AFAS aims to educate, engage all ages in the arts
Article Published by: journalnow.com
Maybe when you think of AFAS you think of that glow-in-the-dark building over on Seventh Street or ARTivity on the Green, the cool park with a bandstand and murals right next door on Liberty.
But Art for Art’s Sake is a whole lot more. It has a gallery space on the ground floor, Red Dog, artists’ studios on the second, classes for the public, some new educational outreach projects and the potential for more.
“We’ve been doing our Saturday Art Jams with kids, and we want to take it to the next level,” said Harry Knabb, AFAS’s executive director. “2020 will be a year of education.”
Stewart Knight is the building manager, rental manager, and assistant park and gallery manager at AFAS. He runs the Saturday Art Jam (every first and third Saturday) and other children’s programs for AFAS.
For 12-18 months, when Meadowlark Middle School made its monthly visits to the Downtown Arts District, the kids stowed their book bags in the AFAS building while they explored the area. At the end of their outings, they came into AFAS and spent about an hour with the artists and talked about what they are doing and did some sketching.
On one visit, Knight brought out a piece of sculpture that he had been restoring by the late Earline King, an artist of note who lived in Winston-Salem.
“I was talking to them about the art history of Winston-Salem and how amazing and diverse that history is,” Knight said. “And how now I’m a part of that history because I got to repair Miss King’s piece.
“Their eyes lit up, and they wanted to be part of the art history of Winston as well. They wanted to get their history out there.”
Knight met with teachers at Meadowlark, and they came up with a project to give 20-60 students sketchbooks to record their own history and art.
The students have until March to fill their sketchbooks with their art.
“This is the first work that they are doing, and they are giving it away to the public,” Knight said. “AFAS will be the depository of the students’ art books. We’re setting up a small library downstairs, where we’ll keep the books for two years, and people can come in and look at them.
“I want to talk with the folks at the library to see if they will keep them after that.”
People will also be able to check out the sketchbooks. A library card in the back will contain information about the student-artist.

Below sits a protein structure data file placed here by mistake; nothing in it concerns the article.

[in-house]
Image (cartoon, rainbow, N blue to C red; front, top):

“So people can see what young people were seeing and thinking about,” Knight said.
He plans to reach out to the Downtown Middle School and the Art Based School as well.
Inge Smith, an AFAS board member who is on the curating and marketing committees, said that Sowing Seeds, a day-long arts festival for children, will return in September.
There’s a place for adults at AFAS, too.
Smith said that becoming an AFAS artist is a pretty simple project — just go online and submit a piece for approval by the committee.
“We are not only a space for emerging artists … but also we are proud to exhibit works of many respected and accomplished artists alongside them,” Smith said.
AFAS also hosts salsa dances with lessons every Saturday night.
About Scott Livengood
Scott Livengood is the owner and CEO of Dewey’s Bakery, Inc., a commercial wholesale bakery with a respected national brand of ultra premium cookies and crackers.
Previously, Scott worked at Krispy Kreme Doughnuts for 27 years, starting as a trainee in 1977. He was appointed President of the company in 1992, then CEO and Chairman of the Board.
Scott has served on numerous boards including the Carter Center, the Calloway School of Business and the Babcock School of Management, Habitat for Humanity of Forsyth County, and the Winston-Salem Chamber of Commerce.
He started a new business, StoryWork International, in 2016 with Richard Stone. The signature achievement to date is LivingStories, a story-based program for improved patient experiences and outcomes in partnership with Novant Health.